Thyroid UK
90,568 members104,951 posts

Hashimoto's Flare Up

Hi all,

Having been "reasonably" well treated on 125mcg Levothyroxine for over a decade, a routine blood test showed that my TSH had crept up from the 1s to the 2s. I increased my dose to 150mcg and 3 to 4 months later I developed symptoms of hyperthyroid - anxiety, weight loss, sweating, shaking, diarrheoa, nausea, loss of appetite. I reduced my dose right back to 100mcg for a while before reverting back to 125mcg, but my symptoms remained the same (the anxiety being the worst symptom to manage).

A Medichecks blood test revealed that I was hypothyroid, results as follows

TSH 12.5 (0.27-4.20)

Free Thyroxine 11.9 (12.00-22)

T4 69.2 (59.00-154.00)

Free T3 2.86 (3.10-6.80)

Thyroglobulin 14.200 (0.00-115.00)

Thyroid Peroxidase 13.9 (0.00-34.00)

Active B12 133.000 (25.10-165.00)

Serum Folate 19.98 (2.91-50.00)

CRP High Sensitivity 0.74 (0.00-5.00

Ferritin 53.9 (13.00-150.00)

Since then I've increased my dose to 150mcg Mon, Wed, Fri, Sat and 125mcg Tues, Thurs, Sun, but my symptoms of anxiety etc haven't abated, even though my bloods are now heading in the right direction.

I've heard of Hashimoto's flare up and I wonder if this could be the cause of my symtoms even though my antibodies are hardly raised. Is it possible to have Hashimoto's even though my antibody levels are pretty low? Should a healthy person have antibodies of 0 or what?

I find it difficult to understand how to tell the difference between Hashimoto's and regular hypothyroidism, and if I have suffered a Hashimoto's flare up, should this just eventually subside spontaneously?

I'd be grateful for any thoughts and comments.


5 Replies

Given your terrible levels, I doubt that tiny increase is going to do much for you. You doubtlessly need the TSH at 1 or under, and the Frees up near the top of the range. There's a long way to go.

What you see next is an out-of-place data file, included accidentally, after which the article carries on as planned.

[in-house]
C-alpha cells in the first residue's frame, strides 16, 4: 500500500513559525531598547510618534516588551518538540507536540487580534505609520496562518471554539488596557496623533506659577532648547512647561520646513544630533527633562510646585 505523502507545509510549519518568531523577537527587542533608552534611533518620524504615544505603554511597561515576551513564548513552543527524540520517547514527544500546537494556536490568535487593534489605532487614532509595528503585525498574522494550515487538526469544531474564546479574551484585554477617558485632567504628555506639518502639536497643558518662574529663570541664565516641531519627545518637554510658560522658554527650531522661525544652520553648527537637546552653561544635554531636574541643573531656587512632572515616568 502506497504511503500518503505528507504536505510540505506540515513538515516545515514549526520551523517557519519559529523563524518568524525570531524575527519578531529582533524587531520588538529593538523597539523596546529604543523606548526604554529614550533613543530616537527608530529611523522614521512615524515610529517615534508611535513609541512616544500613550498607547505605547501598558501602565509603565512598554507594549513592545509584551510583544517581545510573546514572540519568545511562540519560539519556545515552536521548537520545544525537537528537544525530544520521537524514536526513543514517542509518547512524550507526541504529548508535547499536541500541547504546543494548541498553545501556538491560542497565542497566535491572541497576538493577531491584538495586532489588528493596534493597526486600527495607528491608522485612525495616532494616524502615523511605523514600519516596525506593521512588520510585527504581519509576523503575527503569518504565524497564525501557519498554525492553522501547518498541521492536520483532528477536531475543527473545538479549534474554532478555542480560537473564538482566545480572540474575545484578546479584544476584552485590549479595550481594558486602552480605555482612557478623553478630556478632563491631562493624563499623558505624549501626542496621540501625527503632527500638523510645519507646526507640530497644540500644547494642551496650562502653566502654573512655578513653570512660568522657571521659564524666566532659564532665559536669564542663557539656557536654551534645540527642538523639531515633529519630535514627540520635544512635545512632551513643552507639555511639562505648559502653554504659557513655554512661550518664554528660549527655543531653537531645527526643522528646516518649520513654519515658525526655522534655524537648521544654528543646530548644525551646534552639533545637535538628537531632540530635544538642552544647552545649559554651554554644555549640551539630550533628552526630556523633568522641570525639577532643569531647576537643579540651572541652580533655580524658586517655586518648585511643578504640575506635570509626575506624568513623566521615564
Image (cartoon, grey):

You can have Hashi's without high antibodies, yes. I imagine you only had TPOab tested? There is another type of antibody - TgAB - which could be high, meaning you have Hashi's. Or they could both be low, but you still could have Hashi's.

But, I don't think what you experienced was a Hashi's flare - I always think that a very bad name for it, because it's not a flare as in a skin problem, or something like that. I prefer to use Hashi's swing. What happens with a swing is that the immune system attacks the thyroid, and the dying cells release their store of hormone into the cells, causing FT4 and FT3 to shoot up, and subsequently, for the TSH to fall. This does go away by itself, as the excess hormone is used up or excreted.

But, very often, people don't seem to get hyper symptoms with it. And, the symptoms you describe could just as easily be hypo symptoms - probably were, given your levels, because your FT3 didn't get that low over-night. And, the TSH takes a long time to adjust, so I don't think it would have had time to get your 12.5 in your time scale.

I don't know what happened, looks like your thyroid just deteriorated. In any case, you now look very hypo.


Thanks Greygoose, glad to hear from you, you're always so wise and reassuring. :-)

1 like

Thank you, Jud! :)


Sorry Greygoose, I see that you answered my questions in a previous thread. I hadn't spent a lot of time considering Hashimoto's because my antibodies were low, and probably took on board what you said in your reply above. I have a memory like a sieve (probably worsened by hypothyroid brainfog), and yesterday I started reading stuff and watching stuff online about Hashimoto's flare up. Hence my questions (above), asking what you'd already answered! So sorry about that - it's not that I don't take it in at the time, it's just that I read stuff, get side-tracked, forget what's been said previously and start clutching at straws.

I really do appreciate you taking the time to respond to my questions :-) I


It's not a problem. :)


You may also like...